North Macedonia

Committee on rights of child concludes consideration of report of Former Yugoslav Republic of Macedonia

The Committee on the Rights of the Child this afternoon encouraged the Government of the former Yugoslav Republic of Macedonia to continue its efforts in promoting the rights of children as it offered its preliminary observations and recommendations on the initial report presented by that country.
Formal conclusions and recommendations on the report of the former Yugoslav Republic of Macedonia will be published in writing towards the end of the Committee's three-week session which concludes on 28 January.

Discussion over the course of the afternoon focused on the family environment and alternative care; basic health and welfare; education, leisure and cultural activities; and special protection measures.

The former Yugoslav Republic of Macedonia is one of 191 States parties to the Convention on the Rights of the Child and as such it is obligated to submit periodic reports to the Committee on its efforts to improve the promotion and protection of the rights of children.

The 13-member Macedonian delegation was led by Igor Dzundev, Political Director at the Multilateral Department of the Ministry of Foreign Affairs, and included representatives from the Ministries of Education, Interior, Health, Labour and Social Policy, and Justice, as well as members of the Permanent Mission of the former Yugoslav Republic of Macedonia to the United Nations Office at Geneva, a professor at the Medical Faculty and an interpreter.

When the Committee reconvenes at 10 a.m. on Tuesday, 18 January, it will first hold a private meeting before meeting with High Commissioner for Human Rights Mary Robinson at 12 o'clock.


In response to a number of questions raised this morning, the members of the Macedonian delegation said that positive discrimination of school enrolment of children belonging to minorities had been effective and had resulted in more students being admitted in higher educational institutions. Among the high school students of the country, 14 per cent were Albanian while their number in universities had grown from 10.61 per cent in the 1994-1995 school year to more than 17 per cent at present.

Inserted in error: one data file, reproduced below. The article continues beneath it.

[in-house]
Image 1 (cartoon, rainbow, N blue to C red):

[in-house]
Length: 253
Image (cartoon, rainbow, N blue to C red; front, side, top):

With regard to registration of child birth, the delegation said that there were 245 local offices in the country engaged in the registration of births and deaths. In addition, the general public was informed from time to time on how to register newly born children. However, because of the lack of communications, children born at home were not registered on time. This phenomenon mainly concerned the Roma people who sometimes failed to register their newly born children, particularly if they lived in remote areas. The rate of home-delivered children was 4 per cent.

Asked about the status of the Convention under domestic law, the delegation said the provisions of the Convention were directly implemented and were part of the country's law.

Since the Constitution was based on the principle of prevention of statelessness, there were very few cases of stateless persons in the country, the delegation said. According to official records, there were about 9,760 stateless persons in the former Yugoslav Republic of Macedonia.

Inter-country adoption was legal in the former Yugoslav Republic of Macedonia and only minors could be adopted by foreign parents, the delegation said. A child over 10 years could express the wish to be adopted besides the wish of his or her parents. A person who was at least 18 years older than the adopted child could become an adoptive parent. Any adoptive procedure was supervised by the Ministry of Labour and Social Policy.